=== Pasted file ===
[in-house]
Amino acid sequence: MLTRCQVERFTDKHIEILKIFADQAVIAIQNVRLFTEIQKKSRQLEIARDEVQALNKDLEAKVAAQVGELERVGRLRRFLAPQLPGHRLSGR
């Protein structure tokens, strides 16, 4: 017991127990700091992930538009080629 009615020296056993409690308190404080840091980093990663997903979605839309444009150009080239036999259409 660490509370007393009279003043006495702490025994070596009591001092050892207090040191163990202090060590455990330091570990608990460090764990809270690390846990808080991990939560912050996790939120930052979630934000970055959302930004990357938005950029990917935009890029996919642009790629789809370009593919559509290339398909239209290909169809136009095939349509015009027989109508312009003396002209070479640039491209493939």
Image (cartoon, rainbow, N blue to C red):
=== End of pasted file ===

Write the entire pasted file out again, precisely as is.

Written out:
[in-house]
Amino acid sequence: MLTRCQVERFTDKHIEILKIFADQAVIAIQNVRLFTEIQKKSRQLEIARDEVQALNKDLEAKVAAQVGELERVGRLRRFLAPQLPGHRLSGR
């Protein structure tokens, strides 16, 4: 017991127990700091992930538009080629 009615020296056993409690308190404080840091980093990663997903979605839309444009150009080239036999259409 660490509370007393009279003043006495702490025994070596009591001092050892207090040191163990202090060590455990330091570990608990460090764990809270690390846990808080991990939560912050996790939120930052979630934000970055959302930004990357938005950029990917935009890029996919642009790629789809370009593919559509290339398909239209290909169809136009095939349509015009027989109508312009003396002209070479640039491209493939």
Image (cartoon, rainbow, N blue to C red):